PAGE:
The passing of George Corya, Commiskey, Ind., in November at age 85 prompted a question. Corya was recognized as a Master Farmer, but when? I’ve been working with the Master Farmer program for 38 years, and I don’t remember him being named. A check of the records shows George Corya as a member of the very first group honored in the modern era in 1968. Could that be right? He would only have been 33 years old when the award was presented.
Don Villwock, Edwardsport, a longtime friend of Corya and former president of Indiana Farm Bureau, confirms that it’s the same George Corya. Villwock suggests he may have been one of the youngest farmers ever honored. The Master Farmer award today is co-sponsored by Indiana Prairie Farmer and the Purdue University College of Agriculture.
Villwock himself was only 34 when he was named a Master Farmer in 1985. While there aren’t historical records on age received, these are likely two of the youngest farmers ever honored in Indiana.
Corya and his wife, June, built Graham Creek Farm into a large, productive operation in Jennings County, which isn’t blessed with the state’s best farmland. While records aren’t kept on how many times a farmer makes the cover of Indiana Prairie Farmer, Villwock recalls that Corya was featured three times.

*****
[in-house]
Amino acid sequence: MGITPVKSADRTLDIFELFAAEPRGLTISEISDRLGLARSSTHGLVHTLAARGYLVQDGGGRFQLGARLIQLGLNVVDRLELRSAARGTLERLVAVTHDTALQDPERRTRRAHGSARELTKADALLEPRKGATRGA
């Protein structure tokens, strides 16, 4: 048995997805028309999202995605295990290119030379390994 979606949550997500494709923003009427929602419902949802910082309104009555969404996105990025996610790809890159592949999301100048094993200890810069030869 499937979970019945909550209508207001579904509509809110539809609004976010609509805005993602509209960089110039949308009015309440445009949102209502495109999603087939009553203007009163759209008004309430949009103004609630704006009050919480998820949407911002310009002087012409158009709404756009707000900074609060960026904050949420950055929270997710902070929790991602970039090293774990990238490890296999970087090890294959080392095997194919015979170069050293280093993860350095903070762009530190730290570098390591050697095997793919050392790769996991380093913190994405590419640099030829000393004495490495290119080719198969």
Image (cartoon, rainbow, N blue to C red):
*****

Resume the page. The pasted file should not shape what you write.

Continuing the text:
EARLY RECOGNITION: George and June Corya built a successful farming operation in Jennings County, Ind. George, who died recently, was named a Master Farmer in 1968.
Corya was active in Farm Bureau at the county, state and national levels. “I always valued his opinion, and sought his input often,” Villwock says. “I knew he would tell me exactly what he thought, and he had a good grasp on what was happening in agriculture.”
Villwock says Corya’s leadership was the primary driving force behind establishing the United Producers Inc. livestock marketing facility at Little York, which still operates today.
Nominate Master Farmer
So, how old can a Master Farmer be? Obviously, any age — it’s not a limiting factor on either end of the scale. Stan Poe, Franklin, had already celebrated his 80th birthday when he was named a Master Farmer in 2017. Richard Law, Atlanta, had also passed the 80-year milestone when he was recognized in 2019.
The judges say what matters more is what a farmer or farm couple have accomplished during their career, whether relatively brief or lengthy. Judges look for sound farm management practices, a sense of responsibility in caring for natural resources, and a dedication to serving community and agriculture.
To be named a Master Farmer, someone must first be nominated. That’s where you come in. Who in your community or circle of friends deserves worthy recognition? Now is the time to take the initiative and nominate that person or persons.
You can obtain a Master Farmer nomination form by emailing firstname.lastname@example.org, calling 317-431-8766 or writing to: Indiana Prairie Farmer, P.O. Box 247, Franklin, IN 46131.
Completed nominations are due Feb. 17.
Successful nominations are usually accompanied by six letters of support from neighbors, community leaders and other farmers who also respect the nominee. For tips on preparing a nomination, contact me at email@example.com.